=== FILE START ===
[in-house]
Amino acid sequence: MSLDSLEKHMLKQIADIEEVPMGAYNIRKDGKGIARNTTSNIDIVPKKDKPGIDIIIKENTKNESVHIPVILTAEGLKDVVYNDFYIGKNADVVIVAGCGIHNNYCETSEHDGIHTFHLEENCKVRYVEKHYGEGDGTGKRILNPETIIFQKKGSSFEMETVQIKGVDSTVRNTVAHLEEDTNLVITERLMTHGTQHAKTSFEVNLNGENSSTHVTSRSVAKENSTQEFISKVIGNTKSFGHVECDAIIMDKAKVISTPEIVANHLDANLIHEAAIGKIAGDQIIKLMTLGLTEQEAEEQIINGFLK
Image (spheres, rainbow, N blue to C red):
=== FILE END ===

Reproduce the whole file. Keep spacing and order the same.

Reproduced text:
[in-house]
Amino acid sequence: MSLDSLEKHMLKQIADIEEVPMGAYNIRKDGKGIARNTTSNIDIVPKKDKPGIDIIIKENTKNESVHIPVILTAEGLKDVVYNDFYIGKNADVVIVAGCGIHNNYCETSEHDGIHTFHLEENCKVRYVEKHYGEGDGTGKRILNPETIIFQKKGSSFEMETVQIKGVDSTVRNTVAHLEEDTNLVITERLMTHGTQHAKTSFEVNLNGENSSTHVTSRSVAKENSTQEFISKVIGNTKSFGHVECDAIIMDKAKVISTPEIVANHLDANLIHEAAIGKIAGDQIIKLMTLGLTEQEAEEQIINGFLK
Image (spheres, rainbow, N blue to C red):